Oaks Clinch First Pennant In 21 Years

The following is a reprint of the lead story which appeared on Page One of the Oakland Tribune, Monday, September 27, 1948. It captures the excitement which must have been felt by Tribune reporter Ray Haywood as he witnessed the historic event and later recorded it on his typewriter. At the bottom of this page is a link to two other stories that appeared on the Sports Page of the Tribune that same day.

Oaks Clinch First Pennant In 21 Years

12,000 Go Wild as Acorns Win Coast League Title Game


Relax all ye true believers, for the strain is over....virtue has triumphed....the pennant is ours.

Our nine honorable, ancient but durable heroes outlasted Sacramento yesterday to win the first game, 10 to 8.

This feat, expected and demanded by the right thinking element, left Fearless Francis O'Doul, our West Bay neighbor, lamenting the immutable law of percentages, which slammed the door on his index finger.

It would be an understatement to say that in this, the occasion of Oakland's first Pacific Coast League championship in 21 years, the joy was unconfined.

To be frank, in many quarters it was both pure and unrefined.

The crowd began to fill the stands at 11 a.m.-- two and a half hours before game time. When Manager Casey Stengel herded his charges from the dressing room only standing room was available.


The influx discommoded several people who, it was said, had slept in the right field boxes all night in order to be part of the 12,000 who were on hand for the day of days.

The sun was warm, the beverages cold and lines before all the concessions -- even the ladies were forced to wait in order to powder their noses.

It was not exactly what could be called a tight ball game, but nevertheless a treasure for those who make Emeryville their habitat and therefore are accustomed to such things. All hits were important though -- especially if they went over the fence, and many did.

Stengel's men were afforded stern opposition. In truth, the visitors indicated they had moved into the Emeryville park when Outfielder Joe Marty applied maximum leverage in the fifth inning to bring in three runs which made the score Oakland 6, Sacramento 7.


This home run, which was not in accordance with the Horatio Alger script the indomitable, clean living and home loving Oaks have been following, brought several hundred spectators to their feet in glee -- which shows there is no accounting for taste or lack of common sense.

It also resulted in Ralph Buxton relieving pitcher Floyd Speer, who had relieved Earl Jones -- as Stengel strove to get the most out of those who were said to have the least.

Buxton, known in the parlance of the profession as a "fireman" or extinguisher of hot enemies, proved to be just that.

But, before the last wisp of smoke had been smothered, Miss Ruth Smith, RN, who heads the first park aid room, had spent considerable time reviving customers who had succumbed temporarily because of over-exposure to sun, excitement and beer.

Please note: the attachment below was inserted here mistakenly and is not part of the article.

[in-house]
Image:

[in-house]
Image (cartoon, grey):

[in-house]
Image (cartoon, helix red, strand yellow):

Her most interesting case was a Berkeley resident -- Cragmont area -- who dislocated his sacroiliac while urging the Oaks to greater effort.

He spent most of the game on the first aid bed. His wife called for him afterward, and with the aid of her score card recapitulated how Oakland tied the score in the next inning and then went into a permanent lead.

Buxton received credit for the victory, but was not on hand for the final out. That honor went to James Tobin, another elderly Oakland employee, whose specialty is known as the flutterball.

Accurate stopwatches have proved that this pitch requires approximately eight seconds to traverse the 60 feet and six inches to the plate.

Ths Solons, an impatient lot at best, found this intentional delay both unseemly and irritating. As a result they hit the ball either on the top of its head or on the neck never on the chin.

Their savage but futile swings delighted the crowd sufficiently to demonstrate that if football spectators were as noisy and spontaneous, colleges wouldnt need cheer leaders which would discourage some potential lawyers from obtaining higher education.

The final out came when Alex Kampouris bounced the ball gently to Tobin. Big Jim, ignoring the first baseman, chose to race Kampouris to the bag, and won.

By tradition, Tobin thereby gained ownership of the ball. He will be able to buy an elaborate trophy case for it, as the victory meant some $1,000, individually, to the Oakland regulars.

Enthusiasm reached a new high with the final play. One man left his bleacher seat and kissed an entire stranger sitting in a reserved box with a Marine sergeant he had had his eye on her since she entered with two out in the first.

The Marine said he understood. Although he had recently moved to Oakland, he had once played shortstop for Quantico. The situation was much the same throughout the park. Some men even were seen kissing their own wives.

It was Stengel's third pennant in 23 years as a manager. The first was with Toledo in 1927, the second was with Milwaukee in 1944. During that span of years, oil also was discovered on his Texas property. Stengel released the following statement concerning his attitude toward things in general:

"Old Case is pretty well satisfied," he said.

For Oakland, it was the third trip to the top. The other winning clubs were in 1912 and 1927.

Very few spectators stayed for all of the concluding game, which Oakland won, 6 to 5, and as the crowd decreased within, the air of festivity increased without.

An eating establishment near the grandstand raised a large, bunting-draped sign, which read:

"Casey Stengel
is our man.
To the Seals,
He tied a can." . . . Tenn.

Next year, the management indicated, a solid gold plaque will be installed. It will state simply:

"Casey Stengel ate here."


Page created by William B. Shubb, 1997. Article and photo courtesy of the Oakland Tribune.